Shakur, himself a victim of gang violence, was an icon of the "gangsta" culture and its music. Although he sometimes urged young blacks to escape the inner city, or identified with their sense of entrapment, he mostly glamorized "gangsta" life with his lyrics and persona. Anyone who does not believe that "gangsta rap" and its performers glamorize and legitimize gangs is fooling themselves. McKinney, and many other blacks, are silent on this.

Switch now to Bremen in west Georgia where the Hammerfest 2000 drew thousands of skinheads and other racists last October to hear "white power music." New York Times columnist Bob Herbert describes songs like "Six Million More" and "Third Reich" being performed to an enthusiastic audience. He quotes Mark Potok, of the Southern Poverty Law Center, as saying that the music is extremely effective at recruiting young whites into the various neo-Nazi movements.

So, if white power music fuels racial hatred, which almost no one would deny, how can anyone rationally say that gangsta rap does not fuel, or at least condone, gang violence? How, then, is Shakur worthy of an arts center in his name?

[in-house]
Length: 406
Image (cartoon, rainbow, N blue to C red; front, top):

McKinney was right to be angry and indignant when Rep. Bob Barr and other Republicans spoke to the Council of Conservative Citizens, a thinly disguised white supremacist group. But can you imagine her fury if they wanted to build a Nathan Bedford Forrest arts center in her district?

Clearly she does not see the hypocrisy of politically legitimizing Tupac Shakur and his violent subculture while criticizing the C of CC. While she panders, the gang killings will go on, and McKinney will lionize a man who had his perverse idea of black manhood tattooed on his chest: "Thug Life."

Robin McDowell is a geologist living in Atlanta.

Friday, October 5, 2001

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The views and opinions expressed herein by the author do not necessarily represent the opinions or position of or Black Electorate Communications.